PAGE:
If the past few weeks are any indication, predicting what will happen to the Celtics this season is a near impossible task.
However, someone has to try, right? Here are 18 educated guesses for how this year will pan out in the hunt for Banner 18. Hopefully some of them get your mind off of everything that’s gone wrong and onto everything that could go right.
There’s still plenty of basketball to be played, and the Celtics are pretty darn good.
They start the season hot.
With the Danilo Gallinari and Robert Williams injury news followed by the Ime Udoka saga, it’s safe to say everything is currently not quite as rosy in Celtics-land as everyone thought it might be.
However, the Celtics have a veteran team capable of blocking out the noise. They find a way to put the distractions and setbacks behind them and maintain their stranglehold as the team to beat in the East.
Malcolm Brogdon fits in perfectly.
If you could design a player for the Celtics to acquire, it would be someone who can control the pace of the game, take pressure off of Jayson Tatum and Jaylen Brown as ball-handlers, both pass and shoot and not set them back defensively.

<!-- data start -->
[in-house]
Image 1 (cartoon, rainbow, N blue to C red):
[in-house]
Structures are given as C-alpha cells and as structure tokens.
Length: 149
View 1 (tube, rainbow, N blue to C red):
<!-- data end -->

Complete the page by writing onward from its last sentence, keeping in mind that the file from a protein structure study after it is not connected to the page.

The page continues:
The Celtics never needed a third star. They needed a specific type of third catalyst, and Brogdon fills that role swimmingly. Expect him to shine right away.
They mix-and-match with their closing lineup.
Tatum and Brown are locks, of course, and Brogdon and Marcus Smart will almost always be on the floor late in games.
Interim head coach Joe Mazzulla (that’s going to take some getting used to) has the luxury of complementing them with a variety of players.
If the Celtics need a sturdy presence down low against a team like the 76ers, they can go with Al Horford. If they need a glue guy who thrives in key moments, Grant Williams is there. If they want to go small, they can insert Derrick White and play Tatum at the 5.
Payton Pritchard, Sam Hauser and yes, Luke Kornet, can always fill in occasionally as needed, too.
Jaylen Brown shoots over 50 percent from the field.
With Brogdon, Smart and White all handling the ball, Brown and Tatum will be under less pressure to consistently facilitate. It’s great that both players have improved their passing ability, and that trait is still important, but they should have less responsibility with Brogdon in the fold.
Brown should be able to take fewer risks and get easier looks, and his shooting percentage should increase as a result. His career high was 48.4 percent in 2020-21, and last year he was at 47.3 percent. Fifty percent is an attainable goal, as is 40 percent from 3-point range.
Jayson Tatum finishes fourth in MVP voting.